The put option was written in London under the 1992 ISDA Master Agreement (‘master agreement’), a standard template for over-the-counter derivative transactions published by the International Swaps and Derivatives Association (ISDA).The agreement was ended automatically on 15 September 2008 when LB first filed for formal insolvency protection.Enasarco, under pressure from the Italian government and media, eventually found a replacement for the put option, which it purchased itself on 6 May 2009.The master agreement sets out that, when a transaction terminates early, the non-defaulting party must calculate the termination amounts to be paid.When they sign the deal, parties choose one of several possible methods of calculation provided for in the master agreement.In their agreement, LBF and ARIC selected the ‘loss’ method of calculation, which allows the non-defaulting party to calculate the termination payment by reference to its loss of bargain – i.e. the cost of replacing the terminated transaction.The master agreement provides that the non-defaulting party must calculate its loss “reasonably” and “in good faith” and that the calculation should be as of the early termination date, or as soon as reasonably practicable thereafter.ARIC calculated its loss to be approximately $61m, based on the price Enasarco had paid for the replacement put option.LBF disagreed with this calculation, contending instead that, had the calculation been performed correctly, it would have resulted in a payment of approximately $42m from ARIC to LBF.However, the judge found that ARIC’s loss had been calculated reasonably and as soon as practicable following the early termination date.He also made the following comments of particular interest to the wider market:Where an SPV is party to a derivative that is terminated under a master agreement as part of a structured product, its loss can be calculated by reference to the cost of a replacement transaction entered into by the investor. In addition, the terms of the replacement transaction do not necessarily have to be identical to those of the original.A calculation of loss made “as of” a date several months after the early termination date may still be “as soon as reasonably practicable” as stipulated by the master agreement. In this case, although LBF contended that ARIC (or Enasarco) could have obtained a quotation for a replacement transaction earlier than Enasarco actually did, the judge was satisfied that the turmoil in the markets after LB’s bankruptcy, and the difficulties with the transaction structure, meant that no such quotation could have been obtained before at least the end of October 2008, and probably later.Furthermore, had it been possible to obtain a quotation earlier in 2009 than 6 May, it would have made no difference to the price or the resulting loss calculation.Enasarco’s determination of the amount of loss was not “irrational”.The judge said the requirement for the non-defaulting party’s loss to be calculated “reasonably” does not mean that it has to arrive at the most reasonable result, only that it must not arrive at a figure that no reasonable party in the same circumstances could come to.The ruling has important implications for the wider derivatives market, according to Simon Fawell, partner at Sidley Austin, the lawyers who represented Enasarco.Fawell said: “The ruling is an important one for non-defaulting parties under the 1992 ISDA Master Agreement, as it clarifies how the English court will interpret the calculation of loss following early termination.“In particular, the finding on what is a reasonable determination of loss makes it much harder for those determinations to be challenged.”And he said the judge’s finding that ARIC was entitled to calculate its loss on the basis of a quotation obtained by Enasarco was a practical one for structured transactions.“The judge made clear it was unrealistic to expect Enasarco to leave it to an SPV to obtain a quotation for a replacement transaction and calculate the loss,” he said.“Enasarco was the party with an economic interest, and ARIC, as an SPV, had neither the staff nor the resources to undertake those tasks. Had the judge found differently, it would have made the use of SPVs in this type of structure much less attractive to investors.” Fondazione Enasarco, the Italian pension fund for sales representatives, has won a $61.5m (€55.3m) payout from Lehman Brothers SA (LB) for payments due to it following the terminaton of a put option when LB went bust in 2008.The case, heard in the English High Court, concerned a structured investment arranged by LB that provided Enasarco with exposure to hedge funds within its investment portfolio, now worth €6.9bn.The deal was structured through two special purpose vehicles (SPVs): Anthracite Rated Investments (Cayman) (ARIC) and Anthracite Balanced Company (Balco).Enasarco’s €780m hedge fund investment was protected by a put option purchased by ARIC from Lehman Brothers Finance (LBF), a company incorporated in Switzerland.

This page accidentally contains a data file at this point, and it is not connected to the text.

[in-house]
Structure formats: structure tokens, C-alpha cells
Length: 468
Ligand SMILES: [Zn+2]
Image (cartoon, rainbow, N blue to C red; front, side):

SPMS, the €10.2bn Dutch occupational pension fund for medical consultants, has started implementing a new risk management framework for its investment portfolio.The rules govern who is responsible for setting levels of risk, how those risks are measured, who provides advice and who monitors risks.The scheme said the framework included risks such as interest rates, counterparties, liquidity, and currency, and these were assessed against policy, procedure and reporting criteria.In its annual report for 2017, the pension fund also detailed a new “three-line defensive model”. Jeroen Steenvoorden, director of SPMS, said that the first defensive threshold comprised the scheme’s administrative bureau, while the second line of defense was made up of the scheme’s financial risk manager and a new manager for non-financial risks.The third protective layer still had to be established, he said, and would be based on additional regulation in the wake of the IORP II pensions directive, as well as guidance from regulator De Nederlandsche Bank.Steenvoorden added that SPMS had professionalised its compliance function through the appointment of a full-time manager for non-financial risks, who has replaced the three part-time compliance officers on the board and the administrative bureau.However, the pension fund also emphasised that it did not plan to reduce investment risk for the time being, arguing that a reduced risk exposure could mean a lower pension result as well as a contribution increase for members and employers. The pension scheme planned to consult its accountability body first, it said.The scheme has also decided to carry out an extensive asset-liability management study, which it said it would evaluate every six months.SPMS posted a net investment result of 5.2%, in part due to a 5% result from its currency hedge of the dollar, sterling and the yen. This more than offset a 3.6% loss incurred on its interest rate hedge.The scheme’s European and emerging markets equity exposures generated 12.8% and 25.6%, respectively, while US equity gained 5.8%. Nevertheless, the pension fund decided to increase its US holdings from 37% to 43% of the equity portfolio, citing diversification reasons.The pension fund said it also wanted to reduce the retail stake in its property portfolio in favour of logistics assets, with target allocations for retail and logistics at 32% and 21%, respectively.Last year, SPMS started building an infrastructure debt portfolio, with an initial investment of €250m in three funds. Steenvoorden said he expected that the portfolio would meet its strategic allocation of 5% at year-end.In 2017, SPMS’s funding improved by 8 percentage points to 126%. It rose further to 127.1% at May-end.The pension fund granted its fixed indexation of 3%, but refrained from paying an additional bonus as deemed its funding level insufficient.